The Himachal Pradesh High Court held that per Section 162 of the Criminal Procedure Code, 1973 (CrPC) statements made by co-accused during police investigations cannot be used as evidence against any other accused.

The Court granted bail to an individual indicted under the Narcotic Drugs and Psychotropic Substances Act, 1985 (NDPS Act). The Court noted that the police relied on the statement of the co-accused as well as a discovery.

However, the Court emphasized merely identifying the source of an item possessed by the accused does not constitute the discovery of a new fact relevant to the investigation.

The Bench of Justice Rakesh Kainthla observed, “A statement made by co-accused during the investigation is hit by Section 162 of Cr.P.C. and cannot be used as a piece of evidence. Further, the confession made by the coaccused will be inadmissible because of Section 25 of the Indian Evidence Act”.

Advocate Atul Sharma appeared for the Petitioner and Deputy Advocate General Avni Kochhar appeared for the State.

The Petitioner approached the High Court seeking regular bail for offences under Sections 21 and 29 of the NDPS Act. The police stopped a vehicle, recovering 101 grams of heroin, with the driver, Arun Yadav, disclosing that the heroin was supplied by the Petitioner, Satish Kumar.

Relying on the case of Bhagwan Singh v. Dilip Kumar, the Court observed the importance of considering factors such as the nature of accusations, severity of punishment, and supporting evidence. Addressing reasonable apprehensions of witness tampering and threats to the complainant was deemed crucial. The Bench reaffirmed that there should be a prima facie satisfaction of the court supporting the charge and frivolity of prosecution should be taken into account.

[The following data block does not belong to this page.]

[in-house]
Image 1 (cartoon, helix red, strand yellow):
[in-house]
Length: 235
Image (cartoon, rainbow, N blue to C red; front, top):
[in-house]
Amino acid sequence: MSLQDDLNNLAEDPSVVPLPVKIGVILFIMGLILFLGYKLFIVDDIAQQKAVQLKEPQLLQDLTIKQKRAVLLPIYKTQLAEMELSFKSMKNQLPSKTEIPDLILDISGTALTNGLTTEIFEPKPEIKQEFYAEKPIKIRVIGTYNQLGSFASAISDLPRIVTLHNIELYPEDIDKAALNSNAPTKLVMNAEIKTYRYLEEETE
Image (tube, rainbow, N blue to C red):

Citing Kalyan Chandra Sarkar v. Rajesh Ranjan [(2004) 7 SCC 528], the Court reiterated the necessity for providing reasons and considering multiple factors when granting bail, including the nature of the accusation and the likelihood of witness tampering.

The Court observed that co-accused confessions lack substantive evidence value and are admissible only to bolster other evidence. It highlighted the constraints imposed by Section 25 of the Indian Evidence Act, 1872 (IEA) on confessions made to police officers during investigations.

Consequently, the Bench noted that the detention of the Petitioner based on a co-accused's statement and call details lacked legal admissibility. Furthermore, the Bench emphasized that showing the location of the alleged transaction did not adhere to Section 27 of the IEA, emphasizing that pointing out the place of purchase does not constitute the discovery of a relevant fact.

Regarding Arun Yadav's statement, the Court noted that it was not prima facie admissible, as pointing out the house did not lead to the discovery of any fact. Therefore, the Court held that the conditions outlined in Section 37 of the NDPS Act were met in this case, indicating a lack of material suggesting that the Petitioner would commit the offence if released on bail.

Accordingly, the Court allowed the Petition and granted bail to Petitioner.

Cause Title: Satish Kumar v State of Himachal Pradesh

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